This framework assumes that an increase in relative market share will result in an increase in the generation of cash. This assumption often is true because of the experience curve; increased relative market share implies that the firm is moving forward on the experience curve relative to its competitors, thus developing a cost advantage. A second assumption is that a growing market requires investment in assets to increase capacity and therefore results in the consumption of cash. Thus the position of a business on the growth-share matrix provides an indication of its cash generation and its cash consumption.
Resources are allocated to business units according to where they are situated on the grid as follows:
1. Dog – a business unit that has a small market share in a mature industry. A dog may not require substantial cash because dogs have low market share and a low growth rate and thus neither generate nor consume a large amount of cash, and dogs are cash traps because of the money tied up in a business that has little potential and the capital that could better be deployed elsewhere.
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2. Question Mark – a business unit that has a small market share in a high growth market. Question marks are growing rapidly and thus consume large amounts of cash, but because they have low market shares they do not generate much cash. The result is large net cash consumption. A question mark (also known as a “problem child”) has the potential to gain market share and become a star, and eventually a cash cow when the market growth slows. If the question mark does not succeed in becoming the market leader, then after perhaps years of cash consumption it will degenerate into a dog when the market growth declines. Question marks must be analyzed carefully in order to determine whether they are worth the investment required to grow market share.
3. Star – a business unit that has a large market share in a fast growing industry. Stars generate large amounts of cash because of their strong relative market share, but also consume large amounts of cash because of their high growth rate; therefore the cash in each direction approximately nets out. If a star can maintain its large market share, it will become a cash cow when the market growth rate declines. The portfolio of a diversified company always should have stars that will become the next cash cows and ensure future cash generation. If successful, a star will become a cash cow when its industry matures.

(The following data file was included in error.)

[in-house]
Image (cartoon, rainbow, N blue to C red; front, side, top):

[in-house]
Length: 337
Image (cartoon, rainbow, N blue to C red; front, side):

4. Cash Cow – a business unit that has a large market share in a mature, slow growing industry. As leaders in a mature market, cash cows exhibit a return on assets that is greater than the market growth rate, and thus generate more cash than they consume. Such business units should be “milked”, extracting the profits and investing as little cash as possible. Cash cows provide the cash required to turn question marks into market leaders, to cover the administrative costs of the company, to fund research and development, to service the corporate debt, and to pay dividends to shareholders. Because the cash cow generates a relatively stable cash flow, its value can be determined with reasonable accuracy by calculating the present value of its cash stream using a discounted cash flow analysis. Cash cows require little investment and generate cash that can be used to invest in other business units.
Classifying various product lines of Hindustan Unilever Limited (HUL)
As per Nielsen market research data and various sources available from the internet, every product of HUL is being analyzed against the industry to which it belongs and then placed in one of the 4 quadrants of BCG matrix:
Thus, we find that Hindustan Unilever Ltd (HUL) is a fairly profitable firm with many of its product lines in the cash cow and star grid of the BCG matrix. Only a few of its products are in the dog grid which suggests that HUL should do some rethinking and reprocessing to deal with the products lying in that grid.